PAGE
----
Birds & Birding
Support Bird Conservation
Despite its small size, Massachusetts regularly records over 300 different species of birds every year. Mass Audubon’s wildlife sanctuaries offer excellent opportunities to see and learn more about the birds of Massachusetts, whether you’re on a naturalist-guided walk or on your own with one of our bird checklists.
Check out all the birding-related programs offered at Mass Audubon wildlife sanctuaries around the state.
A Breeding Bird Atlas (BBA) is a collection of data about all of the birds that breed in a particular state or region and exemplifies citizen science at its best.
March 3, 2019
Since 1992, New England birders have come together every March for our annual Birder’s Meeting, a one-day event with nationally-renowned speakers and top-notch vendors.
Learn About Birds
Want to learn how to attract birds to your yard? Why they are behaving in a certain way? How to identify species that look similar? We have information to help answer all those questions and more! Learn More >
Snowy Owl Project
Mass Audubon is working to protect snowy owls, the largest owls in North America. Read more about how we are tracking them with transmitters and follow their progress on migration maps. Learn More >
Be a Citizen Scientist
Citizen reports from backyards, feeders, highways, and conservation areas across the state are important to Mass Audubon's efforts to learn more about the populations, distributions, and breeding activities of the birds of Massachusetts.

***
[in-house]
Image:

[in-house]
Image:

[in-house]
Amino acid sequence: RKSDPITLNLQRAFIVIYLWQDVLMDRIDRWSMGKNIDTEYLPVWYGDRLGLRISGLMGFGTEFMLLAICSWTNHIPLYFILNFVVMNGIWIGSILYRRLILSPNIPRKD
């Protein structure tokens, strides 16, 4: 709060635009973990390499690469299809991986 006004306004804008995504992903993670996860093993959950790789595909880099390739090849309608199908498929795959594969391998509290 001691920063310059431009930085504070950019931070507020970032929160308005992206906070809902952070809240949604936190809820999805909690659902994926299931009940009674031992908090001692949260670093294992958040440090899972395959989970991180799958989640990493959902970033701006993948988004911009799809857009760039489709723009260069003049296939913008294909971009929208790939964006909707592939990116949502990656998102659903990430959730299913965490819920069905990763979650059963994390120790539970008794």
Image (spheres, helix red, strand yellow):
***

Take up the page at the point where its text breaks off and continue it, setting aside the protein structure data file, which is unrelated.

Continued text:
Wildlife & Conservation Research
Budding bird enthusiasts love our summer camps, many of which offer special bird-themed sessions. Check out the following opportunities for kids and teens to learn about birds this summer! Connecticut River Valley Raptor Camp (ages 12–16) June 24–28 Arcadia Wildlife Sanctuary, Easthampton & Northampton Set out to discover birds by foot and canoe at […]
Bird-a-thon, Mass Audubon’s annual competitive birding fundraiser, is fast approaching on May 10-11! Spring migration is heating up right on time for the big day– with a few surprises in the mix. This year’s migration has been marked by an unusual number of southern species overshooting their breeding grounds and ending up in Massachusetts. These […]